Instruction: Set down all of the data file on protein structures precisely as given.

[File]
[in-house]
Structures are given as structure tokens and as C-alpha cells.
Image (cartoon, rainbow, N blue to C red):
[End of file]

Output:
[in-house]
Structures are given as structure tokens and as C-alpha cells.
Image (cartoon, rainbow, N blue to C red):